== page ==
Claude Monet also known as Oscar- Claude Monet or Claude Oscar Monet (14 November 1840,Paris,France – 5 December 1926, Giverny, France ) was a founder of French impressionist painting, and the most consistent and prolific practitioner of the movement's philosophy of expressing one's perceptions before nature, especially as applied to plein-air landscape painting. The term Impressionism is derived from the title of his painting Impression, Sunrise.
Monets early work Monet's Camille or The Woman in the Green Dress (La Femme à la Robe Verte), painted in 1866, brought him recognition, and was one of many works featuring his future wife, Camille Doncieux; she was the model for the figures in The Woman in the Garden of the following year, as well as for On the Bank of the Seine, Bennecourt, 1868, pictured here.
Impressionism In 1872 (or 1873), he painted Impression, Sunrise (Impression: soleil levant) depicting a Le Havre landscape. It hung in the first Impressionist exhibition in 1874 and is now displayed in the Musée Marmottan Monet, Paris. From the painting's title, art critic Louis Leroy coined the term "Impressionism", which he intended as disparagement but which the Impressionists appropriated for themselves.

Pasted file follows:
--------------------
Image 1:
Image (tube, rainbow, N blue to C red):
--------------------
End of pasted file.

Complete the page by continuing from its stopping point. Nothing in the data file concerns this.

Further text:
Characteristics of Impressionist painting include visible brush strokes, open composition, emphasis on light in its changing qualities (often accentuating the effects of the passage of time), ordinary subject matter, the inclusion of movement as a crucial element of human perception and experience, and unusual visual angles. The emergence of Impressionism in the visual arts was soon followed by analogous movements in other media which became known as Impressionist music and Impressionist literature. Impressionism also describes art created in this style, but outside of the late 19th century time period.